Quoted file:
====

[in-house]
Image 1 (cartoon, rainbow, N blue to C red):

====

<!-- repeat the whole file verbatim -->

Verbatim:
[in-house]
Image 1 (cartoon, rainbow, N blue to C red):